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Visual arts > Chewing the Fat

Fear and onions

 

Published 10/30/2002

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There is something terribly wrong here. It’s not something that I can wrap words around or poke at with poetic insights or adorn with rhetorical ribbon. It’s under the skin, like the first few hours of influenza, a nervous, sweaty panic.

Something is going to happen here. It’s going on behind my back and in the chrome that shines with fish-eye distortion. Cowboy Man keeps looking at us. He chokes every time he laughs. A woman’s eyelids droop with a Thorazine laziness, and she tells me I had better quit biting my fingernails or something real bad is going to happen to me. Something god-awful bad.

The Telway Hamburger System (that’s what it’s called in the Yellow Pages) sits on the corner of 11 Mile and John R in Madison Heights. You’ve been to places like this before, where soft little gutbombs of meat steamed with onions go for less than a buck. Where old men and drunken teenage girls come to get their medicine, talking loud and sloppy and pissing off the red-shirted ladies bagging up their slop. You know the place ... the dirty little 3 a.m. secret.

Most come here wounded. Smashed upside the head by booze or loneliness or madness. The lights go right through you. The waitresses swim in a soup of anger and boredom and “There ya go, hon.” The onion-air settles onto the skin like a big fat grandma hug. People are looking at each other, trying not to cry, holding in their screams until they get home.

Graem Whyte is nodding and squinting at the menu board. “OK ... let’s see ... maybe we should get one of everything? ... Hmmmm.” Whyte is a sculptor who lives in Detroit. He’s a bartender as well. Two occupations perfectly suited for pain and fear and loneliness. He points out a tank-topped man with bandages under his arms. I look, and fear belches once again from the netherworld.

Whyte makes big things with cloth and leather and vinyl and plastic. He makes small things with metal and paper and pipe. He’s had a handful of arty shows at arty places with arty names: detroit contemporary, Detroit Artists Market. He’s gone to arty schools: Lawrence Tech and CCS. He hangs with the arty set. He drinks French beer and probably owns a turtleneck. But he escapes the stereotype when he opens his mouth. He never talks about art, never infuses the description of his work with haughty meaning, unnecessary relevance. I think he just likes to get shit under his fingernails.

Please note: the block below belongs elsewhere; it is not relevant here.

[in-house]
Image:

So, what do you think about art, Graem? Why are you an artist, Graem? What is it that drives you to create such whimsy as God’s Teat or Jackson’s Ass and ask people to buy them?

“I like it.”

He likes it.

The Cowboy Man yells my way. “Why you taking pictures in here?” He wants a piece of us — I can feel it. He’s gonna wait outside, gonna wait for the faggots who are taking pictures in here ... fear... onions. ...

The food comes on 10 little white plates. Couple of bombs on this plate, a fish thing on that plate, a glop of chili fries quivering under the burning light. We don’t talk for a while. If we were drunk they would go down a lot faster. So we study them, the way the meat seems to melt into the bun, rendering it indiscernible from the soft, warm bread. The droopy-eyed lady says the steam kills all the bad stuff in the meat. “Lotta bad stuff in meat, ya know. The steam kills the carcinogens. You got a computer?”

I want to know the bad stuff, the stuff that’s wrong and grotesque. I ask him who was overrated in the art world. I asked him who smelled bad.

1) “... anyone who goes by a one-word name.”

There’s no pumpkin pie, no chocolate cream. If we want pie, it’s apple or nothing.

2) “Ed Syke’s feet. Ed’s feet got pretty bad there for a while. They’re better now. Chris Turner can get a little ripe.”

There’s a fella at the register who’s talking to whoever will listen: “Can’t beat the Telway shake, man! No fucking way, man! Fucking Telway shake, man! You cannot beat the Telway shake, man!” wounded ... afraid ... screaming. ...

Whyte finishes his apple pie and we leave.

Dan Demaggio eats with interesting people for Metro Times. E-mail him at letters@metrotimes.com.

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